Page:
1869 was indeed a memorable year for Elijah Horn. Situated as he was near the eastern flank of the Sangre de Cristos, Horn had plenty of opportunities to prospect the surrounding mountains. While wandering through the Crestone Range, south of his ranch, Horn stumbled upon a vast system of caves that came to be known as the Spanish Caves. Located in the Marble Mountain, Music Mountain, Milwaukee Peak area, the cave system may be the site of the legendary Caverna del Oro, home of a fabulous ledge of gold. A number caves occur in the area, many of them quite extensive. Near the entrance to one of the caves, Horn discovered a large red Maltese Cross painted on the rock wall. Below the cave entrance, he found the crumbling remains of an old fort. In the thickets nearby, Horn discovered a decomposed skeleton in rusted Spanish armor. Further search revealed
additional Spanish implements in the Music Pass area, 2 miles south of Marble Mountain. Horn came to believe that a long lost Spanish gold mine lay somewhere in the Crestone Range near the Spanish Caves. Unfortunately, he never found it. But Horn need not have looked so far south for a legendary lost mine. The peak towering over his ranch was home to one of the most famous lost mines in the entire region.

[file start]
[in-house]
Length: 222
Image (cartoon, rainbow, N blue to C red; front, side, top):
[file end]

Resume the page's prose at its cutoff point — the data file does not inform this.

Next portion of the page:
The Lost Skinner Mine was discovered by a prospector named George Skinner around 1863, a mere 6 years before Elijah Horn settled in the Wet Mountain Valley. Hailing from Illinois, Skinner had been prospecting the area since 1860. He was seen occasionally in the Wet Mountain Valley and in Denver, where he bought his supplies. After 1863, his visits to Denver changed. Now, he brought gold ore to sell!
Shortly after Skinner's discovery, his visits to Denver ceased. Indeed, it was as if he had dropped off the face of the earth. After a few years, his family grew concerned. In 1868, George's brother came out west to look for him. After many fruitless searches, he discovered an abandoned cabin on Horn Peak which contained a number of letters written by George! In one of the letters, George mentioned his gold strike, describing it as a "wonderfully rich mine". But as for George himself, there was no sign.
The following year, as Elijah Horn laid claim to the land at the foot of Horn Peak, George Skinner's brother returned to the very same area to search for some sign of George. That fall, he finally discovered the skeletal remains of his brother at the foot of a cliff in the Horn Peak area. Scattered around the skeleton was a large amount of gold ore and some weather-beaten equipment, including George's diary. George Skinner had finally been found, but his mine remains hidden, even to this day.
There is yet another similar story as well that I have to search my archives for.
They sound like the same story, any thoughts or further discusion?